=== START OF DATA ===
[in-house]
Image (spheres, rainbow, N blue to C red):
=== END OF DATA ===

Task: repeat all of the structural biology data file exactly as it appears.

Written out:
[in-house]
Image (spheres, rainbow, N blue to C red):